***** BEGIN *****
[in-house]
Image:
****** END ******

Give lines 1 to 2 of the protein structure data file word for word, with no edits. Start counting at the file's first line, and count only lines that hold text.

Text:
[in-house]
Image: